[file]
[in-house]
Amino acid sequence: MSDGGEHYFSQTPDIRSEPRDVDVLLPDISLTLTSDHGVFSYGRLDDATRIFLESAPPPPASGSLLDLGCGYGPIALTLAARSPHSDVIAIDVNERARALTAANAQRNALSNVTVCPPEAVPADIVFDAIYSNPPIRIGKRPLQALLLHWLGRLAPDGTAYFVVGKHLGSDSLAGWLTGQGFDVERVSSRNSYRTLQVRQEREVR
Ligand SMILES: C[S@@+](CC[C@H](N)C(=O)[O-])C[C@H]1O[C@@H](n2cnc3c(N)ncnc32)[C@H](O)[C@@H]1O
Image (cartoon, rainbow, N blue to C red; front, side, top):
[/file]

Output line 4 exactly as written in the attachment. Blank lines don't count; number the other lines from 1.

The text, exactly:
Image (cartoon, rainbow, N blue to C red; front, side, top):